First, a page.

Inspired by my conversation last month with Dr. Wechsler, I decided to read her book, The Mind-Beauty Connection. Though published five years ago, her advice is extremely helpful. Best of all, the opportunity to look better, reverse aging, and feel better is in your own hands! I suggest you read her book yourself, but below were a few of the points I found most helpful.
Louise McCready Hart: I was very interested in reading how you, and other doctors, scan a patient’s appearance for clues about their inner psyche. It highlighted how much your experience in psychology reflects your dermatology practice–and how I should take more care in my own appearance since it is easy to read into it. Since most people’s image is so tied to their sense of self, and even self worth, what would you suggest to women who are trying to put their best face forward for a job interview, date, etc?
Dr. Amy Wechsler: I have a bunch of little tips that are mostly straightforward and practical—from standing up straight to making and maintaining eye contact. A good, firm handshake is key, and so many women don’t do that well. Every time I shake a hand, a man will say something about my firm handshake. My dad told me when I was a kid, “If you want to be taken seriously by someone, you have to have a firm handshake.” If you’re someone who gets anxious, try deep breathing techniques. There are all sorts of things to do ahead of time, and it’s ok to take care of yourself a little bit more. Grooming is important. If you haven’t had a haircut in a long time, maybe get one. If you don’t wear any makeup, try wearing a little. If you’re someone who tends to shlump over with your hair falling over your face, remember good posture and pull your hair back. Inner self-confidence definitely shows on the outside so do what you can to make yourself the most confident. It’s so individualized. If there’s someone in your life who is your cheerleader—your mom, your dad, your friend, someone who’s always on your side—contact that person right before a big interview or a date to pump you up. They can tell you all these great things about yourself that are true because they know you and love you. It may be your mom for a job interview but it may not be your mom before a date. I would always call my mom before an exam.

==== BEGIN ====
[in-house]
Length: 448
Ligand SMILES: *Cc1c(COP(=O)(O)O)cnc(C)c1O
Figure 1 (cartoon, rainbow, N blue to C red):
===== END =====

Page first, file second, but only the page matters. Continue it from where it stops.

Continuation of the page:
LMH: In your book, you brought up the subject of organic products and said you were cautious of them because they use so many potentially irritating plant extracts. Especially within the past five years this segment of the beauty market has exploded as more women worry about harmful chemicals and toxins. Are there any organic lines or products that you do like?
AW: I am still wary because I feel like not that much has changed. They still aren’t regulated in the United States. Organic food is highly regulated—there are still inconsistencies—but there’s a stamp of approval and you have to pass certain requirements on a checklist. But what does “natural” or “organic” skin care even mean? I tell patients who get a rash from organic skincare, “Well, poison ivy is organic. It is a plant, but one of the most irritating things.” I understand the logic behind ingesting healthy and organic food. But it is not clear a) organic skincare is necessary and b) we’re there yet.
LMH: Are we making any progress towards any sort of regulation for organic skincare?
AW: I haven’t read anything. Maybe there is a regulatory agency working behind the scene on it, but if there are, I’m not privy to it.
LMH: Hopefully that will change over time. Do you think extractions during facials are beneficial, neutral or harmful to the skin?
AW: I’m seeing a biased sample of the population. I see patients after an overzealous facialist has harmed them with scabs over their face. I think it is so dependent upon the facialist. If you want to get a facial, make sure your facialist isn’t overzealous. A facial should not hurt. It should not bleed. It should not scab. Always tell them you have sensitive skin.
LMH: Safflower oil sounds like the wonder moisturizer! It heals dry skin and is gentle enough for newborns. How and when did you learn about its restorative properties?
AW: Safflower oil is awesome. One of my teachers was a genius and told me about it. Safflower oil and olive oil have linoleic acid, and the skin naturally makes it. You could use olive oil, but you’d smell like a salad.
LMH: I have taken your tip to use three different towels (one each for the face, hair and body) to heart. Am I the only person who was using the same towel or have other people also thanked you for that suggestion?
AW: Ha, no, of course not. You just don’t want hair oils on your face.
LMH: I was fascinated learning how sugar and plunging blood sugar levels can contribute to inflammation and aging. Can you talk more about that?
AW: I think they’re writing too much about it right now. If you look at patients with diabetes that don’t deal with sugar properly, there are buildups of glycosylated end products that build up on and cause damage to blood vessels. Then people have made this jump that sugar is bad for anyone and will create that toxic end product. I don’t know that that’s true. The jury is far from out on that. I wouldn’t tell you that there’s a link between how much sugar we eat and how fast our skin ages.
LMH: Great—semi-good news for those with a sweet tooth! Anything else you’d like to add?
AW: I hope people are more mindful of their health and their body, what they’re doing to it and how much they’re sleeping. All of these things matter. Stress causes aging, but you can undo it too.